2. Speak in the Customers’ Language

Every industry has its own jargon. Save the acronyms for internal meetings, you never know what your buyer’s familiarity is with industry terminology. You don’t want them to tune you out because they don’t understand the lingo.

In the same vein, steer clear of using big words for the sake of using big words. Research out of Princeton University found that writers who unnecessarily use long words are seen as less intelligent than those who stick with basic vocabulary. 

When in doubt, write for a sixth-grade reading level. Since the average person scans vs. reads text, it’s easier for the human brain to digest the key takeaways when the vocabulary is simplified.

3. Communicate the Pain Points That Your Offering Alleviates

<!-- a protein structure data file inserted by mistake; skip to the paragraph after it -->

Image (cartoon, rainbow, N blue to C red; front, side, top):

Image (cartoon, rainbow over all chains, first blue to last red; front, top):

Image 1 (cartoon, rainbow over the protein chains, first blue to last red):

The best marketers infuse empathy into their content. Put yourself in your customers’ shoes and understand the challenges they face on a daily basis. Once you identify how your product or service can alleviate some of those pain points, you can speak directly to the obstacles they face. Position your offering as the solution that will simplify their life allowing them to focus on other priorities.

This step often requires talking to your customers to truly understand what value they perceive. You can ask them in conversation, request feedback following a transaction or project, or read through your reviews. Avoid making assumptions about what the customer values as you may miss out on a distinct opportunity to differentiate your offering.

4. Research the Competition 

Knowing what the competition is up to is important, but not for the reasons you think. If your goal is to stand out, then looking to your competitors for inspiration is counter productive. Resist the urge to follow in their footsteps. Instead, review your competition to identify opportunities to set your business apart. A simple Google search will often provide enough insight on how they present their offering.